How cool would it be to love the home you’re in right now?
In his book The Minimalist Home, Joshua Becker explains how getting rid of the excess clutter does more than simply create an inviting living space.
He claims it will turn your home—your life’s HQ, as he likes to call it—into a launch pad for a more fulfilling and productive life.
Having launched ourselves headlong into the lifestyle some years ago, I can attest to this being true. Minimalism is merely a catalyst. It’s a portal, if you will, into an infinitely more rewarding way of being.
Most people know inherently that less is more, that without all the excess they’d be happier and less stressed. Yet they still find it difficult to let go of the things that weigh them down.
In The Psychology of Stuff and Things, Christian Jarrett —psychologist and author of Great Myths of the Brain— reflects on our lifelong relationship with objects. According to his findings, our relationship with stuff starts early. And it only seems to intensify with age.
In a recent study, researchers polled more than 1,000 people to find out more about their homes and belongings. Their findings were in keeping with what we know already. We own too much stuff, to the point that we don’t even know what’s in our homes.
Take this stat for example: 47 percent of people found an item from 1980 or earlier when they last cleaned their homes. Ironically, almost everyone polled felt embarrassed about the state of their homes.
Why Can’t We Just Let Go?
What compels people to hold on to items they no longer use? “As our lives unfold, our things embody our sense of self-hood and identity still further, becoming external receptacles for our memories, relationships and travels,” claims Jarrett.
He goes on to say that our possessions also allow us to signal something about ourselves to other people. (We’ve all seen a midlife crisis manifest itself in a new Porsche or Harley Davidson.)
We hang onto things because we think we might need them, because we spent a lot of money on them or because they bring back good memories. The truth is, we humans are inclined to overvalue the things we own.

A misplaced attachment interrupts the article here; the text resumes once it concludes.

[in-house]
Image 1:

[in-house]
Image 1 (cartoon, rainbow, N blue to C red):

What we need to do instead is take the time to honestly evaluate our belongings. Organizing your stuff won’t improve your life. For that to happen you need to purge your stuff.
But First, a Change in Identity
Maybe you’re on board with this idea of purging. Perhaps you’ve already loaded everything up and taken it to Goodwill. Your house feels spacious and uncluttered.
Unfortunately, if you don’t simultaneously change your identity, you’re more than likely going to slip right back into your old packrat ways.
In his book Atomic Habits, James Clear makes a valid distinction. He says, “Habits are the way you embody identity. True behavior change is really identity change.”
In other words, purging your stuff alone won’t solve the problem. In order to break the cycle of clutter, you first need to see yourself as someone who is organized and doesn’t just thoughtlessly accumulate stuff.
No Need to Purge Everything
I’m not suggesting you purge everything that doesn’t fit into your backpack. There’s something to be said for a little nostalgia; we’re human after all. Just keep in mind that the best memories are made, not bought.
Experiences with the people we love are what hold the most value. They’re what we remember and talk about for years to come. They’re also hard to come by when you’re weighed down by your possessions.
Our stuff comes at a price. It can keep us in debt, cost us our leisure time, stress us out and cause friction in an otherwise happy relationship. Nobody is suggesting you live in a tiny house with one cup and no television.
But how about a smaller house with just one television? A lower mortgage and less space to clean equals more time and money for adventure and fun.
Makes you want to purge a little, doesn’t it?
Making Your Small Place Feel Like A Big Space
A lot of people balk at the idea of living in a smaller home. They assume they’ll feel restricted of hemmed in. For Sporty and I, the opposite is true. The mere thought of a large apartment has us breaking out in hives.
I mean, there’s all that extra cleaning!?
I get that not everyone is happy to live in a bachelor pad with just two of everything. Some folks actually enjoy indulging in a little décor shenanigans. If that’s you, this guide from Downtown Apartment Company shows you how coping with a smaller living space can be done with a few easy-to-manage tricks.
No matter what type of small space you may have, there are a lot of simple yet effective techniques you can use to make that space feel much bigger. You won’t gain any square footage, but you’ll be able to spend time there without feeling cramped and claustrophobic.
By taking control of your small space’s color, texture and patterns, you can change the design of that space in a fundamental way that will affect how you and others feel in it.
Even your dog will be happier.
Living in a small space doesn’t have to mean feeling like you’re trapped in a phone booth. Mastering some simple elements of design and using psychology to your advantage can help small spaces feel much larger — ultimately making you more comfortable in them.